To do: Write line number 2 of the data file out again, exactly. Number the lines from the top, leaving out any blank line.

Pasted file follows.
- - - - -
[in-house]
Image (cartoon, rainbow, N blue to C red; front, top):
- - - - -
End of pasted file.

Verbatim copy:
Image (cartoon, rainbow, N blue to C red; front, top):